199 with his sword. prevented the murder of the envoy. who. Calm being energetic action. 393). Although the widow of the vigorous Henry had renounced her son for the Roman the mother could not be entirely stifled by the incense that she inhaled in Rome. the ^ West JIz's aflame. She herself informed Altmann of Passau of her son's excommunication in brief terms and without displaying any feeling (Hugo Flav. All other papal excommunications had been feeble in comparison to that world-historic blow which set priests. and Henry.. viater regis i^itererat. had hastened across the Alps to throw themselves at his feet. the Synod proceeded to The Lombard and German bishops who had and signed the decree were excommunicated. described their ipsius gladius damjiationis barbarous treatment (Urstisius. restored. 1076. Chron. It forms a terrible but sublime omnibus Agnes Imp. but the Pope. at the beginning of the Council Gregory had already the satisfaction of receiving some of those German bishops.. Gregory's audacious system might have been shattered by a fanatical sword-thrust. filled with consternation.^ Gregory's excommunication fell on the world like an actual thunderbolt. the feelings of a Gregory ^^^^ Henry V^^^^^^' ^^^ ban. interposing. and like a thunderbolt struck the head of the chief monarch in Christendom. while Empress Agnes was present as participator at a Council in the basilica.IN THE MIDDLE AGES. where every word seemed aimed at her very heart. "• 435)' She said that Henry's envoys had been imprisoned by the Romans. The Synod demanded the extremest penalty of excommunication against the King. . cujus animam non parum sanciaverat : Berthold A. Never had a curse produced a like result. writing to Hanno of Cologne. i.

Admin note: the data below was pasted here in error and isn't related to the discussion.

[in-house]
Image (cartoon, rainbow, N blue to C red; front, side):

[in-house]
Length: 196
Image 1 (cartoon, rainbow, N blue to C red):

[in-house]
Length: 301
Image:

The conception of papal authority had not yet been pushed so far that the sentence of excommunication pronounced against the King of the Romans could leave mankind undismayed. . xx. . H. 76. et omnes Christianos a vinculo juraynenti^ qtwd sibi fecere addresses S. Was a Gregory to hesitate to adopt this weapon against a king who had degraded the Church by abuses and had declared the Pope deposed? But the unexampled audacity of this excommunication shook the world to its foundations. ^ Depositio regis H.^ Is it possible for a later age fully to comprehend ' . Universal belief endowed the head of the Church with the power of blessing and cursing.. Peter The Pope — veifacient. absolvo^ et nullus ei sicut regi serviat interdico. in P. inaudita stiperbia insti7'rexitj totitis regni Teiitonicor. qui contra ttiam Ecc. regi filio H. n.' did He in any way except kings ? Anathemas were the recognised weapons of the popes. Imp. : c. Mansi. and will seem the more surprising the further the progress of mankind leaves mediaevalism behind. . 467. subject to Kings as well as all other laymen were Church discipline. . Bernried. and no secular authority could dispute the right of ecclesiastical censure. mihi tua gratia est potestas a Deo data ligandi atque solvendi in ccelo et in terra per tua?n potestatem et auctoritateju.. and the proud Gregory : " When Christ said to Peter was able to ask " Feed my sheep. Still greater astonishment was aroused by the presumption (hitherto unparalleled) of the Roman bishop in declaring that the head of the empire had forfeited his crown and in releasing his subjects from their oath of allegiance an act which sowed hatred and rebellion throughout the provinces.200 HISTORY OF ROME drama out of the darkness of the Middle Ages. et Italice gubemacula co?itradico.